Effectiveness Bank web site Focus on women
Supported by    Society for the Study of Addiction web site   Alcohol Change UK web site
IWD_logo_2021 International Women’s Day 2021

International Women’s Day is an annual nudge to think about how we can better serve women with drug and alcohol problems, including through bringing visibility to women’s experiences and needs.

Two new studies added to the Effectiveness Bank evaluate examples of women-only services. Through these entries we can gain insight into the threads of trauma running through participants’ lives and their substance use histories, and consider why services which do not acknowledge this in the design of their settings and operational policies may be inadvertently excluding and marginalising women as people who use drugs and as the potential recipients of drug use interventions.
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Entries highlighting responses to women’s needs
NEW Inside North America’s first women-only safer injecting facility
A women-only drug consumption room in British Columbia (Canada) was found to give service users a temporary reprieve from stigma, discrimination, gender-based violence, and drug-related harms. Although other drug consumption rooms in the area were open to people of any gender, women did not experience them to be ‘gender neutral’.

NEW Novel intervention designed to address drug use and PTSD in female street-based sex workers
The Drug Use in Street Sex worKers (DUSSK) feasibility study found that addressing trauma and substance use problems in tandem was an acceptable approach for reducing the drug use of street-based sex workers, but would not be an easy intervention to implement more widely. The severity of trauma disclosed by participants proved very challenging for service providers, suggesting that the integrated service could not yet meet women where they’re at.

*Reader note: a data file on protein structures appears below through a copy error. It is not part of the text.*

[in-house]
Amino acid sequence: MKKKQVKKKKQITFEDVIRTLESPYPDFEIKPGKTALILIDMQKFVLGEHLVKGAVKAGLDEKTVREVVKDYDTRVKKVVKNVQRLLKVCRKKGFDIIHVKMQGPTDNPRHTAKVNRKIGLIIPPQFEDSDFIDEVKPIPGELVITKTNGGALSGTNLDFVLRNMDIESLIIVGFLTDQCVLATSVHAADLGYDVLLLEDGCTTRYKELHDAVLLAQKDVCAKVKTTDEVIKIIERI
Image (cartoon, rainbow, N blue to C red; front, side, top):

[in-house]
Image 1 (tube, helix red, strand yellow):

‘We have to put out the fire before we rebuild the house’
How can trauma-informed care move from being a value or philosophy held by select practitioners to an organisational framework for delivering treatment and support? Practitioners in England discuss, drawing on their experiences of working with women who frequently report substance use problems alongside histories of trauma and symptoms of post-traumatic stress disorder.

Further resources
Four years ago Drug and Alcohol Findings launched a collection in honour of International Women’s Day. This ‘mini-library’ showcases studies in the Effectiveness Bank catalogue that further our understanding of how sex and gender can influence the course of addiction and treatment, with a particular focus on women.

Our funder and collaborator the Society for the Study of Addiction has some excellent content to read, watch and listen to on International Women’s Day 2021, including the following:

• Professor Moira Plant talks about the history of women, alcohol and alcohol adverting. She starts in the 1930s when adverts began to focus on women, with some adverts suggesting that drinking alcohol could make you the “mainstay of the public library”. Moira then talks about how, in the 1960s alcohol advertising became more sexualised and reliant on increasingly destructive messages about how women ‘should’ look.

• As part of the qualitative methods conference series, Dr Polly Radcliffe delivers a lecture on pregnancy and substance use, exploring how pregnant women with substance use problems navigated the stigmatising drug user identity.

• Dr Sarah Fox explains why have we seen an increase in drinking and domestic abuse during COVID-19, and emphasises the need for services to be ‘trauma informed’.

Drug and Alcohol Findings co-editor Natalie Davies has written about the need for women-only and gender-responsive services in the context of an epidemic of drug-related deaths and an epidemic of violence against women for the Society for the Study of Addiction.

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The Drug and Alcohol Findings Effectiveness Bank offers a free mailing list service updating subscribers to UK-relevant evaluations of drug/alcohol interventions. Findings is supported by the Society for the Study of Addiction and Alcohol Change UK, and advised by the National Addiction Centre.